But, I understand dark days.

My devotional this morning was titled, “When We’re in the Dark.” It gives a powerful illustration of the beauty of dark days. I hope you find it helpful on hard days.

“In the famous lace shops of Brussels, there are certain rooms devoted to the spinning of the finest and most delicate patterns. These rooms are altogether darkened, save for a light from one very small window, which falls directly upon the pattern. There is only one spinner in the room, and he sits where the narrow stream of light falls upon the threads of his weaving. “Thus,” we are told by the guide, “do we secure our choicest products. Lace is always more delicately and beautifully woven when the worker himself is in the dark and only his pattern is in the light.”

May it not be the same with us in our weaving? Sometimes it is very dark. We cannot understand what we are doing. We do not see the web we are weaving. We are not able to discover any beauty, any possible good in our experience. Yet if we are faithful and fail not and faint not, we shall some day know that the most exquisite work of all our life was done in those days when it was so dark.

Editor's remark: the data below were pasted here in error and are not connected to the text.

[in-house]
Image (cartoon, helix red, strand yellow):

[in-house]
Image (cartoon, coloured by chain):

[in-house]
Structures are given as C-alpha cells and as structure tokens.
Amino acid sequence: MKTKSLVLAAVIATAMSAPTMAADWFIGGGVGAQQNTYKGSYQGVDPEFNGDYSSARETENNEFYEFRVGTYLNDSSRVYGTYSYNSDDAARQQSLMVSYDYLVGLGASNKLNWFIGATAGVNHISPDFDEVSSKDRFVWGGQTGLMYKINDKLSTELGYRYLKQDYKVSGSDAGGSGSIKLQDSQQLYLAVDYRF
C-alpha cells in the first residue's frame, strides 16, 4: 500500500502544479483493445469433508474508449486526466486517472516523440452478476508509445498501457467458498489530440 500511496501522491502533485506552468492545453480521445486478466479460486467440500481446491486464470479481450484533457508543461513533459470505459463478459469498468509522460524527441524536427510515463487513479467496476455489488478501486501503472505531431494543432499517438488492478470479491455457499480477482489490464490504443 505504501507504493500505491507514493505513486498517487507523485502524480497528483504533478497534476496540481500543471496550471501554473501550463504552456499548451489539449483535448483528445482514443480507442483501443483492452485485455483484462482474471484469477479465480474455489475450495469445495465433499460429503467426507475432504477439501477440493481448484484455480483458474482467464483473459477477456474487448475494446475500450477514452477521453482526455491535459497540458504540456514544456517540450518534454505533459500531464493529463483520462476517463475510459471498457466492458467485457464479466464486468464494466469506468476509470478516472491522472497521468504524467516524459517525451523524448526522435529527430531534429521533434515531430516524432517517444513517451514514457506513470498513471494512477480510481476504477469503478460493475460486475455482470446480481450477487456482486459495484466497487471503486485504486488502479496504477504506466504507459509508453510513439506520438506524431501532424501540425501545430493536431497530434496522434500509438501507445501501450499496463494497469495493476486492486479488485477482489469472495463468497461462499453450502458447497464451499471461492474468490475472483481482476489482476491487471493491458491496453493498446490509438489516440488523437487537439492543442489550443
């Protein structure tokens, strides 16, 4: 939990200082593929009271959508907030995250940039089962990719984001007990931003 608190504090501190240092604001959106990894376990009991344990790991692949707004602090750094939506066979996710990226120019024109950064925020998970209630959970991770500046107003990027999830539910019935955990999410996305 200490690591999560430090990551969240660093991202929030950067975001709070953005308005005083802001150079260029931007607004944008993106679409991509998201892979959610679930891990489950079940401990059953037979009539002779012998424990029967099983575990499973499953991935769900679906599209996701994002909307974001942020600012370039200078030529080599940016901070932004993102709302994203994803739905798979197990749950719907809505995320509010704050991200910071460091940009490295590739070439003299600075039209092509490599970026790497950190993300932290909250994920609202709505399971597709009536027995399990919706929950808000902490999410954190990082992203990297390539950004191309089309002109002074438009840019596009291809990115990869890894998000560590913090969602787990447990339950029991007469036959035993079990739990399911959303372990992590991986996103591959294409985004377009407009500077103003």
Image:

If you are in the deep shadows because of some strange, mysterious providence, do not be afraid. Simply go on in faith and love, never doubting. God is watching, and He will bring good and beauty out of all your pain and tears.—J. R. Miller.

The shuttles of His purpose move

To carry out His own design;

Seek not too soon to disapprove

His work, nor yet assign

Dark motives, when, with silent tread,

You view some sombre fold;

For lo, within each darker thread

There twines a thread of gold.

Spin cheerfully,

Not tearfully,

He knows the way you plod;

Spin carefully,

Spin prayerfully,

But leave the thread with God.

—Canadian Home Journal.”

“I will give you the treasures of darkness.” Isaiah 45:3

Devo from Streams in the Desert by L.B. Cowman

For more holiday tips, follow my blog and  Heather Hetchler’s blog at CafeSmom  as we share tips from our holiday e-book, Unwrapping the Gift of Stepfamily Peace, every Mon, Wed and Friday. Our e-book is a great tool to help you and all stepparents find peace during the holidays and beyond. It’s packed with proven tools and tips, personal stories and a list of recipes and new holiday traditions you can start with your stepfamily.A Stepparent's Guide to Success

 

 

 

 

 

 

 

Pic By Photokanok